There it has sat since it arrived. No, no that is not a moan (me? moan? I merely make constructive observations and would never dream of moaning). I am purely mentioning it here in my blog, as it came to my notice recently that it is now almost full of water – rainwater to be precise - so I thought it would be interesting to log how much rainfall we have, in fact, had since 15th June in this part of Devon. No, not as much as some unfortunate people in certain areas in the July floods, but even so I reckon that 12¾ inches in just over two months is a pretty substantial amount. Only 5 inches to go and it will be overflowing. Yes, I still work in feet and inches – I refuse to succumb to metric measurements and find it a hopeless task trying to visualise centimetres – for example say 6 inches to me and I know in my mind immediately how big that is, but say 6 centimetres and I have not got a clue!

Anyway, I am going to keep an eye on the tank and see how long it takes to fill to the brim in the coming weeks. But, of course, you know what will happen don’t you? Some bright spark will decide to empty the darn thing and put it away, and my scientific experiment will be down the drain - literally.

Weird Weekend speakers part three

And finally:
Adam Davies:

Special mystery guest, Nick Redfern:

Grigoriy Panchenko:

And last, but by no means least, Ronan Coghlan:

Weird Weekend 2007 speakers part two

And some more:
Special mystery guest, Dr. Karl Shuker:
Dr. Darren Naish:

Paul Vella:

Peter Robbins and Larry Warren:

Weird Weekend 2007 speakers part one

At last, what you have been waiting for - some photos from the Weird Weekend! Here are some pictures of our speakers doing their thing:

Jon McGowan:
Matthew Williams in his wonderful shirt:

Oll Lewis:
Dr. Charles Paxton:

Mike Hallowell:

Thursday 30 August 2007


Yes, I have a grasshopper mind, but I thought you would like to see some of us earning our Blue Peter badges:

This year, we made several items for the Weird Weekend - Mokele Mbembe, a dragon and a bigfoot. Below are some photos of the work as it progressed. Firstly Mokele Mbembe started out like this:

and then, after a few days progressed to this:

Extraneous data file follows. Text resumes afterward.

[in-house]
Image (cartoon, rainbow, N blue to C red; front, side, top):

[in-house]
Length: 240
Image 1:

then this:

to the end product:

After a lot of head-scratching and thought processes, the dragon finished up like this:

and opened up the weekend fantastically:

For a few days, Bigfoot lurked in our shed as one of these:

then got stitched up:

Before being unleashed on an unsuspecting crowd:

Saturday 25 August 2007

Spoon menace

I found a spoon yesterday. A teaspoon to be exact. This may not be much of a ‘stop the press’ kind of announcement, but I thought the fact that this teaspoon was found on the wall outside the front of the cottage warranted a mention. Perhaps it was the same spoon that I espied whilst sitting in the back of the car three days ago? Perhaps it was the spoon that the dish ran away with, and then dropped for a younger, curvier model – who knows? I shall never find out the true reason for its location, as everyone here will deny all knowledge of it, but I am intrigued to know why it was on the wall.

Well readers, I spent Thursday in bed. No, I was not being lazy – I merely felt extremely unwell. Since yesterday though, I have been up and about, suffering from a sore chest and aching joints, but my temperature has returned to within acceptable limits, and I will survive I am sure. I am still trying to catch up with some paperwork and yesterday afternoon I found myself in the position of trying not to scream obscenities at the wall, or indeed, whoever may be in earshot. It is quite simple to explain - my printer was playing up and so was the internet connection, and they both seemed to be vying for the ‘let’s see who can irritate Corinna the most’ prize. For about half an hour they were both level-pegging in the ratings, but the prize went to the internet connection in the end. I frightened the cat at least once by yelling vociferously at the printer, before ripping out yet another piece of chewed up paper. Poor Spider (aka that darn cat) was innocently curled up asleep on the floor under my desk, when a screaming harridan rudely awoke him from his slumbers, as she swooped down upon the printer, with evil intent in her eyes. The expression on his face was priceless as he, probably quite sensibly, leapt from his position and vacated the room rapidly, only stopping to look in my direction once he was safely out of the line of fire.

Here at CFZHQ, things have a habit of getting misplaced. The spoon above is an example in point. Yesterday, it was the turn of Richard’s briefcase. It could be found nowhere. This could well have proved a very disastrous affair for poor Richard as it contained some important documents. Chairs were pulled out, and cupboards were searched - all to no avail. All breathed a sigh of relief though, when it was discovered that the missing article was still in Exeter. I wonder whether the sigh was more to do with its discovery, or more to do with the fact that the only other place to look would have been under the beds – our bed in particular. The dark recesses of the ‘underbed world’ are not particularly nice places to search for lost items at the best of times, but the ‘underbed world’ of Jon’s side of the bed would have been one to approach with extreme caution.